It is true to an extent that certain foods are more addictive than others and this tends to be related to the brain’s reward system. For example, when you consume food, the brain releases chemicals that inform you that you’re making a good choice by providing your body with fuel. One of the well-known chemicals that is released as part of this reward system is dopamine, which is associated with a feeling of well-being or satisfaction.
The addictive part occurs when you repeatedly consume these unhealthy foods that give you such spikes in dopamine.
A 2016 study from the University of Michigan suggested that unhealthy foods or junk food cause this sense of reward in far higher quantities than natural, whole foods. Healthy and natural foods such as salmon or broccoli tend to cause a moderate release of these reward chemicals whereas unhealthier, sugary treats, such as ice cream, tend to cause a much faster release of chemicals such as dopamine, giving you a greater, albeit briefer sense of satisfaction.
The addictive part occurs when you repeatedly consume these unhealthy foods that give you such spikes in dopamine. The brain starts to recognise that the dopamine levels have become too high and begins to remove dopamine receptors to maintain a balance. When the level of dopamine receptors are lower, you need more of the unhealthy foods that you find rewarding to reach the same levels of dopamine as previously.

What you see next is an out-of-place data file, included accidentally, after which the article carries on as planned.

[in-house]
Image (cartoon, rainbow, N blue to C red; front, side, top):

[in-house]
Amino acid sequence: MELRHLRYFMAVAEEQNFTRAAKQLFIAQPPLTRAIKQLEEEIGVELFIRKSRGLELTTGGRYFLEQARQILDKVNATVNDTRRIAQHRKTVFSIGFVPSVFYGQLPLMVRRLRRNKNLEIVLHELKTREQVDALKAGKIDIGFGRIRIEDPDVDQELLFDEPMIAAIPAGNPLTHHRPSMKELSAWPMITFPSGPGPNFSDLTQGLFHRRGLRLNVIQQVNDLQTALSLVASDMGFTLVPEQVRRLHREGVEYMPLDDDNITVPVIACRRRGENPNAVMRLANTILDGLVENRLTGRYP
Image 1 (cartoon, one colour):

Another point you should also consider is what triggers such cravings. Often, triggers can be simple — such as smelling your favourite unhealthy treat or visiting a particular destination you associate with unhealthy food. However, triggers can also include factors such as stress levels or anxiety, so you should be aware of the affect that your psychological well-being may be having on your eating decisions.